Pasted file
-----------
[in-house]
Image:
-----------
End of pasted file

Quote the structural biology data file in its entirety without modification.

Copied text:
[in-house]
Image: